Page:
A concern with packaging that uses modified atmosphere is that the surfaces of meat products not exposed to modified atmosphere may not retain the color preferred of fresh meat. Surfaces of meat that are not exposed to modified atmospheres may retain deoxymyoglobin and its characteristic color. When the package is opened, meat cuts will have both red and violet colors. This is not appealing to consumers. “What is needed are packaging and products that maintain the color of fresh beef on all the surfaces of the packaged cut of meat, and also ensure a consistent color after cooking.
Meat surfaces that are not exposed to modified atmospheres include surfaces covered with packaging inserts, such as absorbent patches or puncture-resistant patches. In packaged meat products, absorbent pads like soaker pads can be used to absorb liquids which could create an unsanitary atmosphere and an unfavorable look. To prevent sharp parts of the product such as bones from puncturing packaging, they use puncture-resistant patches. This can compromise the contents, cause an unsanitary environment and create a bad appearance. Packaging inserts are needed to maintain the color of fresh beef on the surface of the packaged meat cut that they cover or protect.
In a first embodiment a packaging insert is provided for packaging meat products, comprising first layer containing a myoglobin-blooming agent. The packaging insert has a smaller size than the package of meat products into which it will be inserted. At least a part of the insert comes in contact with meat product. In some cases, the packaging insert can also include a second and, in other aspects, even a third layer. Layers may include a meat-contact layer and a polymeric, non-woven, paper, absorbent, or water-soluble material. One or more of the layers can be impermeable to liquids or permeable.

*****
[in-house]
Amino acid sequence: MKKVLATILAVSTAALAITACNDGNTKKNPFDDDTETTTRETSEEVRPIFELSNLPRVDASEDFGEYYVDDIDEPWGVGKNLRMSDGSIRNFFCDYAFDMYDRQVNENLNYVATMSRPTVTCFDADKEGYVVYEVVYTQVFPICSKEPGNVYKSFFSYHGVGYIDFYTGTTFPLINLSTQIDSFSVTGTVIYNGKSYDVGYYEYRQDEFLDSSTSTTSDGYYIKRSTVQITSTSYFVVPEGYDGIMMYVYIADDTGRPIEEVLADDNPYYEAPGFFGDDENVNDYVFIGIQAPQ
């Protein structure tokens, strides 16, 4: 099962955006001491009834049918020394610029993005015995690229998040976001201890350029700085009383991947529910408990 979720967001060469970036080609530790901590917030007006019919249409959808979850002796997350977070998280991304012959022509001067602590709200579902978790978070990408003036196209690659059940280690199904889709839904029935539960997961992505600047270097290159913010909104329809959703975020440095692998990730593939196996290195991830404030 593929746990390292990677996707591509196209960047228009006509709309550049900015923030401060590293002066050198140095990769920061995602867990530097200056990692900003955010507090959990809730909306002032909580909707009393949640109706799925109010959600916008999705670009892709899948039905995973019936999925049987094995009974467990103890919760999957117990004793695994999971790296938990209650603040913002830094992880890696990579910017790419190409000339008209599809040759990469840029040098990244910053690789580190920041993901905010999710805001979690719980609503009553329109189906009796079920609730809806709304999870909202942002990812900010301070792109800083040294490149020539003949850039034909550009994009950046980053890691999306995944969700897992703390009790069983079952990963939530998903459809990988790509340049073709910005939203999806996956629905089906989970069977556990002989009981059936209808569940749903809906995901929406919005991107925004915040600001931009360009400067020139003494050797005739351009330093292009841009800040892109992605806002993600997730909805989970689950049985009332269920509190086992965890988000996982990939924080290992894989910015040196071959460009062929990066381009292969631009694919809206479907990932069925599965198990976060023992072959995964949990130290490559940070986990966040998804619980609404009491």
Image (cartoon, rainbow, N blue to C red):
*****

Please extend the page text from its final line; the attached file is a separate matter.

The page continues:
In a second embodiment a packaged product comprising a raw meat product and an insert is provided. The packaging insert includes a first layer containing a myoglobin-blooming agent chosen from a group of nitrogen heterocycles and nitric dioxide donating compounds. The packaging insert has a smaller size than the package of the meat product into which it will be inserted. At least a part of the insert comes in contact with the product. The packaged meat product may also include a container that is made of a polymeric web with an oxygen barrier polymeric and food contact layers.
In a third embodiment it is possible to package a meat product in a way that will promote or preserve its appearance. The method includes supplying a container having a polymeric layer with an oxygen barrier layer, providing a fresh meat product containing myoglobin and having a minimum water content of 5 weight percent, and providing a packaging plug comprising the first layer of a myoglobin blossoming agent chosen from nitric-oxide donating compound, nitrogen heterocycles and sulfur monoxide donating compound. The packaging insert has a smaller size than the container into which it will be inserted, and a portion is in direct contact with the fresh meat product containing myoglobin. The method may also include removing oxygen surrounding the myoglobin containing fresh meat products; and storing them in an oxygen-free environment for enough time to achieve the desired color.
BRIEF DESCRIPTION ABOUT CERTAIN VIEWS OF THE DRAWINGS.
FIG. “FIG. 1 a.
FIG. “FIG. 3 a.
FIG. “FIG. 9 taken along lines 91-91.